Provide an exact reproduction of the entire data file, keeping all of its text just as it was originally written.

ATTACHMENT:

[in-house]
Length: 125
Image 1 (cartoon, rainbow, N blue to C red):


[in-house]
Length: 125
Image 1 (cartoon, rainbow, N blue to C red):